When exploring beaches at the parks, it’s good to know that beaches in front of homes are most likely private property and depending on the legal description, some properties have further property lines than others. Clams and other shellfish found in these parks are not be safe to eat. Speaking of shells, it’s important to leave shells and sea critters (like sand dollars) on the beaches. The Seattle Aquarium often hosts walks on some of the beaches – we do our best to publish them on the events page of this blog and to post them in the bungalow.


Beach Drive Bungalow as seen during high tide.



Watch the Argosy Christmas Ships from the Bungalow

The Argosy Christmas Ship schedule has been announced. This year, one of the sailings pass by the Bungalow! You can watch the ships from the warmth of the living room, out on the covered deck or join the festivities!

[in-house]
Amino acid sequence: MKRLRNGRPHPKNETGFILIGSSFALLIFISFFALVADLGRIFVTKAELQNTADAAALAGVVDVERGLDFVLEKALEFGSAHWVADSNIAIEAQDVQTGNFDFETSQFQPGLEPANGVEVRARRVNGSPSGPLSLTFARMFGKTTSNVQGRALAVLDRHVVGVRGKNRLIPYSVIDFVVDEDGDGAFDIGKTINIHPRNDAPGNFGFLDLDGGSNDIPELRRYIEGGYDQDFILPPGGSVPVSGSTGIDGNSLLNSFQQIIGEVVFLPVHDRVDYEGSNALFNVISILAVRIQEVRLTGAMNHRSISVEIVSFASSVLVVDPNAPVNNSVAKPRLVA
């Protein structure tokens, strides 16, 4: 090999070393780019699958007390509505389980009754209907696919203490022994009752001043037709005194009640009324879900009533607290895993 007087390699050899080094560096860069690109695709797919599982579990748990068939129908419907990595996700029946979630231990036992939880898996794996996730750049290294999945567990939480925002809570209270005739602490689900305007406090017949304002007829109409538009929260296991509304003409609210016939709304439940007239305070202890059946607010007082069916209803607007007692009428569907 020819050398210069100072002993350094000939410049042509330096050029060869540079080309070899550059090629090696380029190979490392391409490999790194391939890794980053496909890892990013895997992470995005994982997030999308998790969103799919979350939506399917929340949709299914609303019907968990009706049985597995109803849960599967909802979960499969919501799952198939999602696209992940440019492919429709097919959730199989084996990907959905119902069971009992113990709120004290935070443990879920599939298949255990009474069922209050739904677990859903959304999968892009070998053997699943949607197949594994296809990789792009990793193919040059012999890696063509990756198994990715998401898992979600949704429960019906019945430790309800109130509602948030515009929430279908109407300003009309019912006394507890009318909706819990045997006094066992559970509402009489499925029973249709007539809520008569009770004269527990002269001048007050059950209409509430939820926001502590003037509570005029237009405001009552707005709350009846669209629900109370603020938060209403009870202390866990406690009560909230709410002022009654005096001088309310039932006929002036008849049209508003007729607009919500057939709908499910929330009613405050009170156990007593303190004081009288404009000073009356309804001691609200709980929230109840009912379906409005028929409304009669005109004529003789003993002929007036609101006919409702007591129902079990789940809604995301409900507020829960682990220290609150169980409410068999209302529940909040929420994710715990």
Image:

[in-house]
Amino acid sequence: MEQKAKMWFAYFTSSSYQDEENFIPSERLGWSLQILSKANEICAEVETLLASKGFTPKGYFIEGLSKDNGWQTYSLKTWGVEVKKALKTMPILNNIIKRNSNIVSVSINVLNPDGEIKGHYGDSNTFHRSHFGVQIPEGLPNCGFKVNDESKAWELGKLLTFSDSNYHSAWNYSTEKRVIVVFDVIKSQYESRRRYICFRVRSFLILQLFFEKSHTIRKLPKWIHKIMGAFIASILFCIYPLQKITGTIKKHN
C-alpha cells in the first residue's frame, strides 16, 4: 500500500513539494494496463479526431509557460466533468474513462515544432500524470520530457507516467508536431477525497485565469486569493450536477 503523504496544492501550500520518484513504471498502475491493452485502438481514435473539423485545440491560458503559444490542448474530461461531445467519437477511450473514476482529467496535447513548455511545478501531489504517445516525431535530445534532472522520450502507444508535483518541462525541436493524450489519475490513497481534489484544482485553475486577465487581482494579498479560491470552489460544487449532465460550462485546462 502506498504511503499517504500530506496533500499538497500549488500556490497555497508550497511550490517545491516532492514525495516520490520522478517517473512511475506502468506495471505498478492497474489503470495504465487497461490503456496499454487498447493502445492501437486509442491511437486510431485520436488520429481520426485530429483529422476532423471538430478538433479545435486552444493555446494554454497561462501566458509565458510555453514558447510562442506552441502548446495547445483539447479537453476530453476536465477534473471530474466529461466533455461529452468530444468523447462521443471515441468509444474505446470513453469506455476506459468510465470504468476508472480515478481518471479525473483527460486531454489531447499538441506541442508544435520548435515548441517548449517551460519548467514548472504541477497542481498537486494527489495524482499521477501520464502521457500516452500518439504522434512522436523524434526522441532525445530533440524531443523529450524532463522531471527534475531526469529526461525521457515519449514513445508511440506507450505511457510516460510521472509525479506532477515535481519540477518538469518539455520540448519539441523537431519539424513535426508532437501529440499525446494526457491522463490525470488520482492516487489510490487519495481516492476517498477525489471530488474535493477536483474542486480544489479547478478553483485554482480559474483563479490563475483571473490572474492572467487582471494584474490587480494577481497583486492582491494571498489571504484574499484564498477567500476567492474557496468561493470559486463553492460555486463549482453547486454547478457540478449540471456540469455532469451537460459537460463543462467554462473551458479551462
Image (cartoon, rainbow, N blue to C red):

Here’s when the ships will cruise by:

Saturday, December 10, 2016:

Lowman Beach is south of the Bungalow on Beach Drive, next to Lincoln Park. You’ll be able to see the Christmas ships pass around 3:00 on the way to Lowman and again when they head to Alki Beach.

The Christmas ships will return later that night to West Seattle when they stop by Salties on Alki around 9:00 pm. You won’t be able to see this later cruising from the Bungalow, however you can go to the nearby parks by Salties to see the ships and join in on the carols.

As of the publishing of this post, December 10, 2016 is available for you to stay at Beach Drive Bungalow.

Here’s an article from Beach Drive Blog showing the Christmas Ships passing by a couple years ago.

Scope it out… north

In case you’re wondering what landmarks are lying out in front of the bungalow’s seawall, here’s a brief description from north to south.


The strip of park you see just a few houses up the shoreline is named Emma Schmitz Memorial Viewpoint. Pioneers Emma & Ferdinand Schmitz built their homestead mansion named San Souci just across the street from the lower walkway in what’s now called Mee Kwa Mooks Park. The Schmitz used to launch their yacht named the San Souci II on rails just off the beach. You can still see the concrete footings to the day.